Friday, February 11, 2005

Black Dahlia (by James Ellroy)

Somewhere, maybe on the interweb, maybe in a newspaper, I read about how James Ellroy is the most literary crime writer and that his growth as a writer can be tracked through his four crime novels set in Los Angeles, the first of which is the Black Dahlia. Now, this is a reference to a gruesome true crime: in 1947, the body of nascent actress Liz Short was found, hacked in half with a butcher’s knife, possibly while alive, and with various defilements. She was a young woman who had moved in from small town America to Hollywood, hoping to make it big. It is not that little is known about her life so much as there are so many stories, the reality is hard to discern, although it is accepted that she’d hit the spots, dressed in black, trying to make out with servicemen and, reputedly, Marilyn Monroe. It is possible that she was a cheap prostitute who was killed by some fellow she annoyed. This is unlikely if one story about her is true: it is alleged that she lacked female genitalia. The last known fact about her life is that she was picked up by a man from the Biltmore hotel. The crime has never been solved, although more than 50 confessed, out of guilt for other stuff they’d done, to get their moment of fame, the result of an obsession, whatever. In his book, Severed, John Gilmour claims that the killer was identified by the LAPD but died before they could get him.

This provided the stuff of Ellroy’s novel. His narrative ultimately provides an answer to the question of who killed Liz. Like many crime thrillers, the killer’s identity is never obvious until near the end and in fact, the killer barely gets a mention until the final chapters. As you’d expect, there is a close focus on the actual investigation, so there are elements of the police procedural here. But the story is really focused on one policeman, Bucky Bleichert, and his relationship with the force and obsession with getting the answer. The start reminded me so forcibly of a recent NYPD Blue episode that I think there must have been a borrowing: the first 50 pages are devoted to a boxing match between Bucky and fellow cop Lee Blanchard and the pressures brought to bear on Bucky to make sure he’d fight. Post-fight, they are united as dream partners “Fire” and Ice” with a plum assignment working for the DA, until all hell breaks loose when Liz’s body is found.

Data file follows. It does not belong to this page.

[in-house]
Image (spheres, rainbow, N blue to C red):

All hell breaks loose with the storyline as well, with Ellroy following up multiple threads. Lee become totally obsessed with tracking down Liz’s killer – this trail leads him off to
Mexico, where his own past catches up with him. Bucky is reluctant to get involved, as he wants to keep on with what they’d been doing. Not that he has any choice. Being the “star”, he of course gets the best leads, and we follow him as he tracks Liz’s life: the three major elements being guys from the armed forces, “lezzies” and a porn film. This is all against the internal politics of the police: the DA doesn’t want any publicity about things that might make their victim lose public sympathy or make him look bad (he’s up for promotion). Things get real bad for Bucky when he implicates colleagues in some dodgy dealings: he’s put on foot patrol but by this time has caught the bug to solve the crime himself. Another motif played out is the way in which the early building developers really ripped people off, with their shoddy building techniques and dodgy deals with the city council. Not easy how this might all fit in with finding the killer, but it does: for a start, it is when some of these crappy buildings are being torn down that they find the spot where Liz had actually been killed. There’s more.

Oh, and being a fairly masculine sort of novel, Bucky has to be either a complete bitter loner or there has to be a woman or two involved. Two as it happens, both with their own complications: Kay, who just happens to be the wife of his partner, Lee and Madelaine is the daughter of one of the property developers and just happens to like going out of an evening dressed up as the Black Dahlia. Her sister, Martha, is actually my favourite character even if Bucky didn’t think much of her (at first):

I shook her firm hand feeling sorry for her; she caught what I was thinking immediately. Her pale eyes fired up as she yanked her paw away.

Next up in the quartet is the Big Nowhere, a phrase that pops up twice in the Black Dahlia (being able to search within books can be useful! Thanks, Amazon.) as indicating space beyond the control of the LAPD.


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